Hi John, I'm looking to upgrade from a 2004 Mazda3 Maxx Sport (in great condition, all servicing to go with it). My wife and I only, no kids, but would like a ride where I'm sitting a little higher in traffic and the small - medium AWD is looking great.
I've done a bit of research and what I'm liking on the road, it comes down to the Kia Sportage SLi and the iX35 Elite, which I believe are in the same category.
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First question is I live on the Northern Beaches and I have the likes of Col Crawford and Bill Buckle as the most competitive dealers here. Because they sell all brands now from bottom of the line to luxury (BMW/ Jeep etc) am I better hitting a Kia or Hyundai dealer direct that just sell those brands?
Second: I'm leaning towards the KIA but can't seem to get my head around the Kia badge (but I'm thinking Hyundai was in the same boat 5+ years ago and now have a great following). I'm thinking Kia is on the way there. Your thoughts?
Also have seen your comments regarding using a car broker, very interested sounds great may look at, heading down this path as well. Would like your comments on my questions, also I love your work here and in the media, and want your job... Regards, Mark.
Mark, sorry it’s taken a few days to get back to you. I work overnights across the weekend, and yours is not a straightforward question. I wanted to do it justice.
On the ix35 -Vs- Sportage
Hyundai and Kia are the same company (the Hyundai Kia Motor Group). So, while the brands are different, the vehicles are fundamentally the same. Hyundai Kia develops one set of engines/transmissions, etc. and then puts these into its various vehicles. In the case of ix35 and Sportage, the major body parts and platform are the same. The drivelines are the same. Underlying components are the same (software, parts you don’t see, etc). They’re not similar. They’re the same.
Styling and other detail tweaks (like exact suspension tune) are unique to each car. Kia hired Peter Schreyer to do its styling a few years ago (the guy who designed the Audi TT) and this is why their design leapt ahead recently.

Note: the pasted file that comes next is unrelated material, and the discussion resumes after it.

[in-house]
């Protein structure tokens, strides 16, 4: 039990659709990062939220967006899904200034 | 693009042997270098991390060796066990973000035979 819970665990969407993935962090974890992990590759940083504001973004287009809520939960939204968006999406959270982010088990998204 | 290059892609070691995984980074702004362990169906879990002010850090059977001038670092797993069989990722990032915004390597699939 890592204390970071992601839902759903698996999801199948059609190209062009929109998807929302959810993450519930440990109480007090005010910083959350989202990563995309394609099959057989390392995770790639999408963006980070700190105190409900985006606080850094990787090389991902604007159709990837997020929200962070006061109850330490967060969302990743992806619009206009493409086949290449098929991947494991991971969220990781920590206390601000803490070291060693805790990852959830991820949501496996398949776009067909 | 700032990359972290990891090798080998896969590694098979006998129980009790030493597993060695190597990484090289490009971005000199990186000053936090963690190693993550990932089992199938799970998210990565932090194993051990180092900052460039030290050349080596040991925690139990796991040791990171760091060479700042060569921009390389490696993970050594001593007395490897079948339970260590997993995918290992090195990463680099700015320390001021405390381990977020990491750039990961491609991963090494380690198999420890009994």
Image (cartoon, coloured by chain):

(Sorento is Santa Fe, the former i45 was the Optima, Cerato Koup and Veloster share fundamentals, Cerato and i30 share fundamentals, Rio and i20 share fundamentals. There are more similarities than differences. Twins under the skin, kind of thing.)
On Kia as a brand
Kia is Hyundai, and vice-versa. Today, they are in exactly the same stage of development. They’re the fourth-largest car maker in the world (after GM, VW and Toyota - at least this was the case in 2011).
Dealers are generally multi-franchised. Col Crawford and Bill Buckle certainly are. I don’t think you’ll find a stand-alone Hyundai or Kia dealer anywhere. (Every time you see a string of ‘different’ dealerships in a row you can just about guarantee it’s the one business selling multiple brands (franchises) with an amalgamated back end (service, admin, HR, finance, etc.)
The best way - in my view the only way - to get the best price is to put a car broker on the case and let him worry about carving out the best deal. So let me get Ben Harris from the brokerage to call you ASAP. Ben Is an expert in this pricing area and he can help you achieve the best price on either SUV.
(And on wanting my job: you’re dwelling only on the positives. Try sitting in a radio studio pressing the buttons within the accuracy expectation of about two seconds, and also talking on-air the whole time from midnight to dawn twice a week for two years - every weekend. Then get back to me about whether you still want it.)